Dig Baton Rouge

East of the River: #FreeKesha

Last week, a judge denied Kesha’s temporary injunction to record outside of her contract with Sony. The artist hasn’t made any new music since 2012 with her former producer and alleged rapist, Lukasz Gottwald, AKA Dr. Luke, who she brought allegations against in 2014.

The judge, Manhattan Supreme Court Justice Shirley Kornreich, said that she believed that Sony would suffer irreparable harm if Kesha wasn’t forced to stick to the terms of the contract to make six more albums with the label.

I’ve been following this case and the #freekesha movement for about a year and was disgusted and disheartened by the ruling. I understand that the judge was upholding the law as it stands, but this case is a perfect example of when our justice system fails victims, specifically women.

It also pinpoints the upsetting trend in this country to respect businesses more than people. Sony, one of the most comprehensive entertainment companies in the world, would be “irreparably” damaged by losing one artist? But the judge doesn’t even mention how the young woman who was raped will be mentally damaged by being forced to work with her accuser. Her job is to uphold the law of a contract, not protect victims.

Kesha’s doctors concluded that the ongoing contact with Dr. Luke would be “life threatening,” the lawsuit claims. And go figure, Kesha doesn’t want to continue to work with a company who was complicit in covering up Dr. Luke’s transgressions for at least a decade. If Kesha wasn’t actually raped, then why would she be fighting this so hard for so many years?

No woman wants to admit she was raped and certainly wouldn’t want to endure this scrutiny if it never happened. It’s not fun admitting you’re a victim. It takes time and therapy to come to terms with it, especially when the rapist is someone who is known to the victim. It makes sense that Kesha just started to talk about her assault in 2014, only a few months after she went to rehab (which includes hours of daily therapy) for an eating disorder.

Kesha’s lawyers are talking about bringing assault charges against Dr. Luke, but that will be an uphill battle. It’s hard enough to prove “date” rape, let alone when it’s 10 years later, and the victim has already denied in court being drugged by her abuser.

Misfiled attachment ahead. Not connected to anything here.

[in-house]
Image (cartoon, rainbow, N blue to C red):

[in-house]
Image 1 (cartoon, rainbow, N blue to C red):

In 2010 Kesha’s former manager was suing Dr. Luke and Kesha answered “No,” when asked if they had a sexual relationship or if he had given her roofies. To some, it might seem that she’s lying when she now says the opposite. To me, it proves that even in 2010 people knew what Dr. Luke had done to her; she had told someone.

Rape in the music industry is nothing new, but talk of it is often silenced. Jackie Fox of the Runaways was drugged and raped at 16 by her manager while a group of people, including Joan Jett, watched and did nothing. The incident happened in 1975 and Fox just started publicly talking about it in 2015. The only reason she wasn’t called a liar (by most people) is because a room full of people saw it happen.

It’s even harder for Kesha to come out against Dr. Luke because of how much personal power he has over her; he basically “created” her. Music producers are very powerful people who force personas to help sell records. Kesha Rose was transformed into Ke$ha; a trashy party girl pop star at the very impressionable age of 17.

It’s hard enough to stand up against an attacker who you know; it’s virtually impossible when it’s someone who literally shaped you. Producers and managers all too often use their position of power to intimidate and devalue their female proteges. Even if drugs were never involved, and Kesha never said “no,” this Dr. Luke character clearly overstepped ethical boundaries.

Also, I find it convenient that he transformed Kesha into a wild child who seemed to have little morals. It’s not uncommon for rapists to prey on women who they have power over, especially ones that no one will believe. Take police officer, Daniel Holtzclaw, for instance. He raped and assaulted victims based on their criminal records or incomes, assuming no one would believe them.

Luckily, enough victims stepped up to convince a jury and Holtzclaw was sentenced to 263 years in prison. I have to assume with the kind of status Dr. Luke has that Kesha is not his first or last victim. I hope more women step forward and can corroborate her story and stand against him.

I’m glad that a lot of celebrities and fans have come forward to support Kesha during this difficult time though it kills me to see how quickly people write her off as a liar. False accusations of rape are extremely rare and in the unlikely cases, they occur they almost never go through to trial.

It’s much more likely that an impressionable young star did what she was told by her father figure and kept quiet about it. Now, she is brave enough to stand up on her own, admit what was done to her and move on with her career. I hope she sees justice and can write some dark, yet amazing songs about her experience.


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